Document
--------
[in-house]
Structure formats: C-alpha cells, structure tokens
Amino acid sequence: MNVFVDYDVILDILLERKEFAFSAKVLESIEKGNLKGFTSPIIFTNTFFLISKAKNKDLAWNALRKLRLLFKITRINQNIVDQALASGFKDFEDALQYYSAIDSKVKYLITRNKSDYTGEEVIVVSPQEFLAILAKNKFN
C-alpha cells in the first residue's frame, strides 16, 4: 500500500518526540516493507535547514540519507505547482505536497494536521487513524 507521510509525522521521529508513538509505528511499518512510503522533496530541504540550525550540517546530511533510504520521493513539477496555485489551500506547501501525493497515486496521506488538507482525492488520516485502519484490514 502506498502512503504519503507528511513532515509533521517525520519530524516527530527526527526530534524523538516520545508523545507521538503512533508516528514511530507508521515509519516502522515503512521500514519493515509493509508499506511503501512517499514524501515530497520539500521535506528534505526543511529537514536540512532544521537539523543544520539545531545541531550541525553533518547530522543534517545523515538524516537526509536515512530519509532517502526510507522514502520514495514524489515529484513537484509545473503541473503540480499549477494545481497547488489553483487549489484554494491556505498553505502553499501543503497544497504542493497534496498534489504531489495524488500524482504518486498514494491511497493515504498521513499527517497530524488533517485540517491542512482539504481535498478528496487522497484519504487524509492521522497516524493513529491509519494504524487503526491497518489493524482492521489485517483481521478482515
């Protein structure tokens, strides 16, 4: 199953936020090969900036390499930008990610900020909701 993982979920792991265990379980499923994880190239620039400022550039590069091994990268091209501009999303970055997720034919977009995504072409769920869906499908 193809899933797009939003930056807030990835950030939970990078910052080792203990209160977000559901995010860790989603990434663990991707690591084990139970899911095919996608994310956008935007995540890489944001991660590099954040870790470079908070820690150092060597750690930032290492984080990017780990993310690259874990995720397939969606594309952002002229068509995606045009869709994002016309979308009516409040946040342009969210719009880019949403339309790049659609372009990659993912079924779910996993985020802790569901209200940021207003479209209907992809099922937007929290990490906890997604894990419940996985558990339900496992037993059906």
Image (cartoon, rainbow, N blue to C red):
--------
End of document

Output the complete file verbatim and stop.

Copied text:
[in-house]
Structure formats: C-alpha cells, structure tokens
Amino acid sequence: MNVFVDYDVILDILLERKEFAFSAKVLESIEKGNLKGFTSPIIFTNTFFLISKAKNKDLAWNALRKLRLLFKITRINQNIVDQALASGFKDFEDALQYYSAIDSKVKYLITRNKSDYTGEEVIVVSPQEFLAILAKNKFN
C-alpha cells in the first residue's frame, strides 16, 4: 500500500518526540516493507535547514540519507505547482505536497494536521487513524 507521510509525522521521529508513538509505528511499518512510503522533496530541504540550525550540517546530511533510504520521493513539477496555485489551500506547501501525493497515486496521506488538507482525492488520516485502519484490514 502506498502512503504519503507528511513532515509533521517525520519530524516527530527526527526530534524523538516520545508523545507521538503512533508516528514511530507508521515509519516502522515503512521500514519493515509493509508499506511503501512517499514524501515530497520539500521535506528534505526543511529537514536540512532544521537539523543544520539545531545541531550541525553533518547530522543534517545523515538524516537526509536515512530519509532517502526510507522514502520514495514524489515529484513537484509545473503541473503540480499549477494545481497547488489553483487549489484554494491556505498553505502553499501543503497544497504542493497534496498534489504531489495524488500524482504518486498514494491511497493515504498521513499527517497530524488533517485540517491542512482539504481535498478528496487522497484519504487524509492521522497516524493513529491509519494504524487503526491497518489493524482492521489485517483481521478482515
């Protein structure tokens, strides 16, 4: 199953936020090969900036390499930008990610900020909701 993982979920792991265990379980499923994880190239620039400022550039590069091994990268091209501009999303970055997720034919977009995504072409769920869906499908 193809899933797009939003930056807030990835950030939970990078910052080792203990209160977000559901995010860790989603990434663990991707690591084990139970899911095919996608994310956008935007995540890489944001991660590099954040870790470079908070820690150092060597750690930032290492984080990017780990993310690259874990995720397939969606594309952002002229068509995606045009869709994002016309979308009516409040946040342009969210719009880019949403339309790049659609372009990659993912079924779910996993985020802790569901209200940021207003479209209907992809099922937007929290990490906890997604894990419940996985558990339900496992037993059906």
Image (cartoon, rainbow, N blue to C red):